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On August 1, the Marlins were 6 games under .500 with a 50-56 record and a run differential of -10, good for third place in the National League East. As of this morning, the Marlins are now a game over .500 at 72-71, tied with the Phillies for second in the division and only 2.5 back of the Wild Card leading Padres. They have also evened up their run differential with 673 runs scored and allowed.

In the preseason, most analysts and fans were predicting the Marlins to finish with well over 100 losses. I had them finishing ahead of the Nationals, but still not making any noise in the playoff race. A midseason prediction had them finishing with 83 wins, but playoffs again were not in sight. All that seems to have changed due to the parity in the NL.

Even though the Marlins only went 21-15 since August 1, they actually kept pace with the rest of the NL. Outside of the Phillies and Dodgers, none of the teams with playoff aspirations really seem to be able to put together any kind of consistent winning streaks, so the Marlins are still hanging on. This isn't to say that the Marlins aren't a talented team; their time most likely isn't now (as in, this is not the best team this talent base will produce) but they have some extremely productive young players keeping it interesting.

Everyone knows about Miguel Cabrera, who at age-23 is having the most productive season of his young career. Cabrera is hitting .339/.427/.587 ; he's most likely not going to tie his career high in homeruns, set last year, but he has career highs in average, on-base percentage and slugging, as well as walks, steals and doubles. His .337 EqA is also a career best. Since August 1 -- as you would expect -- Cabrera has led the offense to the tune of .371/.439/.679 with 24 extra-base hits -- that's the same number of times he's struck out over that span.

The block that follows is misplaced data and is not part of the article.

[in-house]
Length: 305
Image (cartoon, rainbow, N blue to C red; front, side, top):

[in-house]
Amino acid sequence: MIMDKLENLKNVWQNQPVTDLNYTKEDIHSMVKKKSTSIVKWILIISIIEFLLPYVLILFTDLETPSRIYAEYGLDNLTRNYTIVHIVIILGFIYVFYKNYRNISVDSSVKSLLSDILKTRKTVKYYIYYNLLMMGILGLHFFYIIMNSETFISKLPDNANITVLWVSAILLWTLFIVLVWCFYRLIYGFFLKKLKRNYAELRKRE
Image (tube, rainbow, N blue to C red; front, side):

Josh Willingham has put together a very good rookie year at age 27, hitting .276/.354/.492 for the season and .315/.400/.543 since the aforementioned August 1 cutoff. His .290 EqA is well above the league average of .272 in left field, but he has struggled immensely on the defensive side of the ball. His .794 Zone Rating is well below the league average of .857 in left, and he has been worth -12 runs above average in the field.

Hanley Ramirez is the other offensive leader on the team as of late, slugging .338/.395/.563 with 17 steals (77% success) since August 1. Hanley has been impressive -- along with the other former Sox hand, Anibal Sanchez, who has taunted Red Sox fans with a no-hitter and fine pitching all season -- as a rookie, hitting .281/.347/.455 with 44 steals (79% success) and 58 extra-base hits in 541 at-bats. His .281 EqA is well ahead of the shortstop average of .253, but defensively he has also struggled. After a decent enough start with the glove, his Zone Rating has plummeted to .798, well below the average at shortstop of .832. Everyone seemed high on his defensive abilities in the minor leagues, so with more experience, adjustment may come, making Hanley a more complete player. For now, his offense is very good, and is helping to keep the Fish afloat in a closely packed National League playoff race.